“The long-term case for investing in the China growth story remains intact. Growth of the middle class and the refocusing of China's economy towards domestic consumption are expected to be key drivers of economic growth and the stock market in coming years. As China is increasingly recognised as being a major driver of global growth, investors should consider having exposure to China when building a balanced portfolio. China currently represents nearly 18% of world GDP but only 5% of world market capitalisation.”

Lipski adds: “There is, of course, a personal decision that investors – and even professional managers – need to take when looking at China from a governance (or broader ESG) perspective. Ultimately, there are no easy answers when it comes to investing in China, but it’s a hard region to avoid, whether it comes to investing, or through our everyday lives, from technology and beyond. Investors need to tread carefully, but a good way to get exposure to the region is through a fund or investment trust.”

Fund and trust examples

Lipski highlights some fund and trust examples for investors seeking exposure to China. He says: “Fidelity China Special Situations (LSE:FCSS) provides broad, diversified exposure to Chinese equities, including 'H' shares listed in Hong Kong and mainland-listed 'A' shares. It has been managed by Dale Nicholls since April 2014. He focuses on faster-growing, consumer oriented companies with robust cash flows and capable management teams. Due to the trust's single country exposure, its bias to small and mid-sized companies and its ability to use gearing, its return profile is likely to be more volatile, making it higher-risk and a satellite (adventurous) holding in a well-diversified portfolio.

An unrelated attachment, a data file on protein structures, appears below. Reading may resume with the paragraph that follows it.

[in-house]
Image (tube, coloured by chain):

“Alternatively, investors could also consider a broader Emerging Markets or Asian fund from the Super 60 such as Fidelity Asia or the TB Guinness Asian Equity Income.”

Kyle Caldwell, Collectives Specialist, interactive investor, adds: “For retail investors, as China is the world’s second-largest economy and home to some of the world’s most-exciting entrepreneurial businesses, it is difficult for investors to neglect in their portfolio, despite its political risks.

“Most global funds and investment trusts only have a small amount of exposure to China or none at all – instead preferring to stick mainly to developed markets. However, for Scottish Mortgage (LSE:SMT), a member of interactive investor’s Super 60, a long-running theme has been its holdings in Chinese internet stocks, such as Tencent (SEHK:700) and Alibaba (NYSE:BABA). These firms have dented performance in the past couple of years, as Chinese lockdowns and a crackdown from the government on tech profits have hurt investor sentiment.

“However, Scottish Mortgage’s near 10% allocation to China may turn out to be an advantage this year. Although this is provided that the trust does not continue to reduce its exposure to Chinese shares. Two years ago, the trust had more than 20% in China shares. In 2022, it moved to reduce exposure amid concerns over regulatory risk following intervention in markets and the economy from China’s communist government.

“Emerging market funds and investment trust tend to have more of their money in China. One example is JPMorgan Emerging Markets (LSE:JMG), another member of interactive investor’s Super 60, which holds just over a fifth of its portfolio in China. Tencent is the portfolio’s third-biggest holding.

“However, it is worth remembering this is an adventurous investment, and that it should be viewed as a satellite holding as part of a diversified portfolio.”

These articles are provided for information purposes only.  Occasionally, an opinion about whether to buy or sell a specific investment may be provided by third parties.  The content is not intended to be a personal recommendation to buy or sell any financial instrument or product, or to adopt any investment strategy as it is not provided based on an assessment of your investing knowledge and experience, your financial situation or your investment objectives. The value of your investments, and the income derived from them, may go down as well as up. You may not get back all the money that you invest. The investments referred to in this article may not be suitable for all investors, and if in doubt, an investor should seek advice from a qualified investment adviser.